the rebel feminist artists of the 70s, uncensored
We speak to the curator of a groundbreaking new show featuring the work of four provocative female artists who were decades ahead of their time.
Cosey Fanni Tutti, TG Promo A, photograph by Szabo
In a memorable scene near the end of Transparent Season 2, an aging radical feminist toasts, "here's to the last remaining extremists." It's easy to forget sometimes, in this current wave of viral, all-embracing feminism — when young actresses post beautiful well-informed essays about intersectionality on their Instagram accounts — that attitudes haven't always been as inclusive as "your feminism is your own." A new show at the Dallas Contemporary art museum, opening this week, brings together the work of four feminist artists who were not only censored by the art world but also marginalized by their contemporaries in the mainstream feminist art movement.
Joan Semmel, Anita Steckel, Betty Tompkins, and Cosey Fanni Tutti were all active in the 70s and all sidelined because of the confrontational nature of their work. "One cliche of [mainstream] feminist work made at that time would be a fibre art weaving of something that looks like a vulva," jokes curator Alison Gingeras. The highly sexualsed paintings, collages and photographs of Joan, Anita, Betty, and Cosey were not that. Joan painted lifelike portraits of couples having sex; Betty's "Fuck Paintings" were based on clippings from porn magazines; Anita reimagined New York skyscrapers as giant penises; and Cosey Fanni Tutti reclaimed images taken of her as a sexworker as her own art.
According to more orthodox feminists at the time, when it came to art, vaginas were good, penises and sexual desire were bad. Steckel's 1972 solo show The Feminist Art of Sexual Politics caused an uproar. Even Semmel thought Tompkins' monumental images of penetration were not truly feminist. And Cosey Fanni Tutti's work with COUM Transmissions for the 1976 Prostitution exhibition at the ICA provoked a debate in UK parliament and was forced to close prematurely.
In 1973, Steckel formed the "Fight Censorship" collective with artists including Louise Bourgeois, with the goal of actively creating sexually explicit art. Steckel's handwritten manifesto for the group famously reads, "If the erect penis is not 'wholesome' enough to go into museums — it should not be considered 'wholesome' enough to go into women."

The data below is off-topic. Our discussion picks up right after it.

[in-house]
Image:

In the leadup to the exhibition, Alison answered our questions about these feminist heroes and what it means to show their work together for the first time.
How did the idea for the show come about?
In 2010, I had written an essay about Jeff Koons' Made in Heaven, and I began sketching out a matrilineage of artists whose work enabled him to make that series. There are all of these precedents, like Betty Tompkins and Cosey Fanni Tutti, that did what he did, and got so much credit for, well before him.
The show is also a response to the first attempts to make an official or mainstream feminist art history. There was this big exhibition in 2007 called WACK! Art and the Feminist Revolution. It was a really ambitious, encyclopaedic show and it left out two of the artists that I put in this show.
Who made up the "mainstream" feminist art movement in the 70s?
One of the most famous examples is the feminist art program at CalArts, which was run by Miriam Schapiro, and all of these artists who made work that was very vaginal. That imagery was a commonality. Even just the phallus was seen as a tool of patriarchy. Acknowledging heterosexual desire, that's really where the problem came in — which is ironic because that's the most normative thing in our society. Who would have thought that being a straight woman and articulating that subject position would be subversive? But it was. And maybe it still is.
What do you think feminists today can learn from these artists?
In many ways, I feel like this show speaks to this new generation of millennial women who have unproblematically adopted feminism. It's saying, "Here's your untold history." The current paradigm of this kind of libertine, outspoken, sex-forward agency — that happened in the 70s, and women suffered for it.
I think that this whole show is about that type of agency. These were not passive women — they were seeking a fight. They were bringing the terms of the debate to the centre, as opposed to waiting for a reaction to what they were doing. But I think, too, that that was just the reality because they had no visibility. Betty Tompkins' works were in her apartment from 1975 to 2002. They were never shown until a dealer, Mitchell Algus, rediscovered her in 2002.
How shown were the other three?
Anita, very little. She was known during that period, but she kind of died in obscurity. Betty was a teacher, and making work in isolation. Joan had a bit of a career, but again the resurgence of interest in her work has been in the last ten to 15 years. And Cosey had a double existence because she was a musician as well, and a cult figure because of that. Her art has been shown in Europe but she's not a household name. I put her in a group show at the Tate Modern and we had to really insist that she be included.
How do Joan, Betty, and Cosey feel about this new interest in their work?
Betty, I think, feels euphoric about having this better-late-than-never [recognition]. And in New York she's become this cult figure. Young artists adore her. She's become "cool"! Nate Lowman did a show with her in his space.
The reason it's so important to look at this group now is that there's so much work being made right now that is borrowing from their aesthetic and conceptual interests. Everyone needs a precedent, everyone needs heroes. So it's important to give them their due and celebrate them, no matter how late we are.
Black Sheep Feminism: The Art of Sexual Politics opens on January 17 at Dallas Contemporary.
Text Alice Newell-Hanson